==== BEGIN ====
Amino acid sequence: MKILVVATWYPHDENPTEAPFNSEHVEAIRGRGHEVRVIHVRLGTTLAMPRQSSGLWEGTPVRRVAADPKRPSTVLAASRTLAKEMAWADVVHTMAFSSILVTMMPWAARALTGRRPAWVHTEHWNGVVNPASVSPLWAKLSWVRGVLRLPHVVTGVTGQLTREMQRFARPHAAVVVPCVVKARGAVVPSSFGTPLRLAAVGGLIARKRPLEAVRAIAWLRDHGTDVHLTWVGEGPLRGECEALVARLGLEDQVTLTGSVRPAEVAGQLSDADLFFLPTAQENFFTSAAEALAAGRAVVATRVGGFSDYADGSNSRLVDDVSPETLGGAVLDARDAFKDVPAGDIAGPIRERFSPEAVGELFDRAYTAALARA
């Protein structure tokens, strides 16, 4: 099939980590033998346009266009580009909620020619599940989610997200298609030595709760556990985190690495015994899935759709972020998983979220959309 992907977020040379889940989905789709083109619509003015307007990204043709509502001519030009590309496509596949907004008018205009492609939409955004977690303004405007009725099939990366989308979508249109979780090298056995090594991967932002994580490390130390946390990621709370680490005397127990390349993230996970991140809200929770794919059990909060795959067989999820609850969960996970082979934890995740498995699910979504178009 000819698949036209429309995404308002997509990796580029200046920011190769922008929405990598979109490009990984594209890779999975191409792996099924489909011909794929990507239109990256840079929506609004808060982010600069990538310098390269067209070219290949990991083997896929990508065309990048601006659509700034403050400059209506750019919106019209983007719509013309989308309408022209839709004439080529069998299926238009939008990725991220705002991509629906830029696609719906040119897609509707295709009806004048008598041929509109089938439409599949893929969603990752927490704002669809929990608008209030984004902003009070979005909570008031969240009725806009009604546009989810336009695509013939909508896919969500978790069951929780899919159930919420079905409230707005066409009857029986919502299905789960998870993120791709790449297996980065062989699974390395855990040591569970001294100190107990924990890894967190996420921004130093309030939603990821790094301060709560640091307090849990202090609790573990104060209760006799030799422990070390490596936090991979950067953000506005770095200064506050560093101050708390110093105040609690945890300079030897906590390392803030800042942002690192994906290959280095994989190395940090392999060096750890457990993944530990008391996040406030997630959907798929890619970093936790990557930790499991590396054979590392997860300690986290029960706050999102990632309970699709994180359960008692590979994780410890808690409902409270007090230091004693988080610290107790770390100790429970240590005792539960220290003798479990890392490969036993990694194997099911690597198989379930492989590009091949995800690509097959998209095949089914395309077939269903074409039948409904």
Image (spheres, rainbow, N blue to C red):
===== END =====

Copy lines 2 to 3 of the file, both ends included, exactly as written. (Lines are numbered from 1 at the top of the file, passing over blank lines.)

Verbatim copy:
């Protein structure tokens, strides 16, 4: 099939980590033998346009266009580009909620020619599940989610997200298609030595709760556990985190690495015994899935759709972020998983979220959309 992907977020040379889940989905789709083109619509003015307007990204043709509502001519030009590309496509596949907004008018205009492609939409955004977690303004405007009725099939990366989308979508249109979780090298056995090594991967932002994580490390130390946390990621709370680490005397127990390349993230996970991140809200929770794919059990909060795959067989999820609850969960996970082979934890995740498995699910979504178009 000819698949036209429309995404308002997509990796580029200046920011190769922008929405990598979109490009990984594209890779999975191409792996099924489909011909794929990507239109990256840079929506609004808060982010600069990538310098390269067209070219290949990991083997896929990508065309990048601006659509700034403050400059209506750019919106019209983007719509013309989308309408022209839709004439080529069998299926238009939008990725991220705002991509629906830029696609719906040119897609509707295709009806004048008598041929509109089938439409599949893929969603990752927490704002669809929990608008209030984004902003009070979005909570008031969240009725806009009604546009989810336009695509013939909508896919969500978790069951929780899919159930919420079905409230707005066409009857029986919502299905789960998870993120791709790449297996980065062989699974390395855990040591569970001294100190107990924990890894967190996420921004130093309030939603990821790094301060709560640091307090849990202090609790573990104060209760006799030799422990070390490596936090991979950067953000506005770095200064506050560093101050708390110093105040609690945890300079030897906590390392803030800042942002690192994906290959280095994989190395940090392999060096750890457990993944530990008391996040406030997630959907798929890619970093936790990557930790499991590396054979590392997860300690986290029960706050999102990632309970699709994180359960008692590979994780410890808690409902409270007090230091004693988080610290107790770390100790429970240590005792539960220290003798479990890392490969036993990694194997099911690597198989379930492989590009091949995800690509097959998209095949089914395309077939269903074409039948409904």
Image (spheres, rainbow, N blue to C red):